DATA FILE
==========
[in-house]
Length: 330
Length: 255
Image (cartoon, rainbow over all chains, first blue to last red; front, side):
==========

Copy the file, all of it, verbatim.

[in-house]
Length: 330
Length: 255
Image (cartoon, rainbow over all chains, first blue to last red; front, side):